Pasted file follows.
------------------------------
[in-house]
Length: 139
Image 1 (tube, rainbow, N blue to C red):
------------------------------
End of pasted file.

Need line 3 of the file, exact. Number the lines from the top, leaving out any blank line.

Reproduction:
Image 1 (tube, rainbow, N blue to C red):